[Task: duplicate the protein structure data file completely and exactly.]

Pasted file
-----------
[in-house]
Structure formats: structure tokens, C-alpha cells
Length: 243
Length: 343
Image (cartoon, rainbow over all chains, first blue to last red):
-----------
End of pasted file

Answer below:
[in-house]
Structure formats: structure tokens, C-alpha cells
Length: 243
Length: 343
Image (cartoon, rainbow over all chains, first blue to last red):